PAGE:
The rule as set forth in the Restatement (Second) of Torts § 566 is as follows: "A defamatory communication may consist of a statement in the form of an opinion, but a statement of this nature is actionable only if it implies the allegation of undisclosed defamatory facts as the basis for the opinion."
While it is clear that expressions of opinion receive absolute constitutional protection under Gertz, determining whether a given statement expresses fact or opinion may be difficult. The question is one of law for the court and one which must be answered on the basis of what the average person hearing or reading the communication would take it to mean (see, Rinaldi v Holt, Rinehart Winston, supra, at p 381; Mr. Chow of N.Y. v Ste. Jour Azur S.A., 759 F.2d 219, 227-228). There is no definitive test or set of criteria (see, Mr. Chow of N.Y. v Ste. Jour Azur S.A., supra, at pp 225-226). The essential task is to decide whether the words complained of, considered in the context of the entire communication and of the circumstances in which they were spoken or written, may be reasonably understood as implying the assertion of undisclosed facts justifying the opinion (see, Restatement [Second] of Torts § 566 comment c).
While the Supreme Court in Gertz did not focus on the distinction between fact and opinion, the court, in a case decided on the same day as Gertz, Letter Carriers v Austin ( 418 U.S. 264, supra), has provided a helpful precedent. In Letter Carriers, involving a newsletter sent out during a labor dispute, the question involved libel judgments based on references to plaintiffs as "scabs" followed by a quoted description of a "scab" as "a traitor to his God, his country, his family and his class" attributed to author Jack London. In reversing the judgments and holding that the "scab" description was absolutely protected under the National Labor Relations Act, the court considered both the context of the entire communication and the type of "intemperate, abusive, or insulting language" (id., at p 283) that would commonly be employed in the particular social setting of a labor dispute. It concluded that no reader of the newsletter would have understood the union "to be charging the appellees with committing the criminal offense of treason" and that London's words were "merely rhetorical hyperbole, a lusty and imaginative expression of the contempt felt by union members towards those who refuse to join" (id., at pp 285, 286). (See also, Greenbelt Pub. Assn. v Bresler, 398 U.S. 6, 14, relied on in Letter Carriers v Austin, supra, where the court weighed the broader social context in considering news reports of statements made at a public zoning meeting characterizing plaintiff's negotiating position as "blackmail" and concluded that "even the most careless reader must have perceived that the word [`blackmail'] was no more than rhetorical hyperbole, a vigorous epithet used by those who considered [plaintiff's] negotiating position extremely unreasonable".)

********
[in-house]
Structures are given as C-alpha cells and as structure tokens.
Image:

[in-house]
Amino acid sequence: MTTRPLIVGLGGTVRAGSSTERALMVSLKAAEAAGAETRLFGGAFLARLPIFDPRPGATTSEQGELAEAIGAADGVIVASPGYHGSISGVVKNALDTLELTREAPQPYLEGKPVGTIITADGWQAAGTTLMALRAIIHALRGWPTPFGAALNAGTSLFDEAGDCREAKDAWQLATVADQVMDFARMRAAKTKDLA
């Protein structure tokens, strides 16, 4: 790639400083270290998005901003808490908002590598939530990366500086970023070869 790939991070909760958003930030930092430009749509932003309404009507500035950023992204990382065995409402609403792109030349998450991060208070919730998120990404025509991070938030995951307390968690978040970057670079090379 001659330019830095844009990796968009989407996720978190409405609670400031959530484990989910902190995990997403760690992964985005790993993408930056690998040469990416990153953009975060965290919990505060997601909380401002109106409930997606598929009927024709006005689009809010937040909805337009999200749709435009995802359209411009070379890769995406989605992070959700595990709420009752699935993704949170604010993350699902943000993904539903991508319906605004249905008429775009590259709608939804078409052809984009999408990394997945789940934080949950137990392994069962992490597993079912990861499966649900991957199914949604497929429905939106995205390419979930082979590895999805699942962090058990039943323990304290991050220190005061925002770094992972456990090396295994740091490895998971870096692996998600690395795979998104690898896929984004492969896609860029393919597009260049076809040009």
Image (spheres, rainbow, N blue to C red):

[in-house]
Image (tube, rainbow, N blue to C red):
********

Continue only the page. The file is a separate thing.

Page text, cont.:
London's full description follows:
"After God had finished the rattlesnake, the toad, and the vampire, He had some awful substance left with which He made a SCAB.
"A scab is a two-legged animal with a corkscrew soul, a water brain, a combination backbone of jelly and glue. Where others have hearts, he carries a tumor of rotten principles.
"When a scab comes down the street, men turn their backs and Angels weep in Heaven, and the Devil shuts the gates of hell to keep him out.
"No man (or woman) has a right to scab so long as there is a pool of water to drown his carcass in, or a rope long enough to hang his body with. Judas was a gentleman compared with a scab. For betraying his Master, he had character enough to hang himself. A scab has not.
"Esau sold his birthright for a mess of pottage. Judas sold his Savior for thirty pieces of silver. Benedict Arnold sold his country for a promise of a commission in the British Army. The scab sells his birthright, country, his wife, his children and his fellowmen for an unfulfilled promise from his employer.
" Esau was a traitor to himself; Judas was a traitor to his God; Benedict Arnold was a traitor to his country; a SCAB is a traitor to his God, his country, his family and his class." ( 418 U.S. 264, 268 [emphasis supplied].)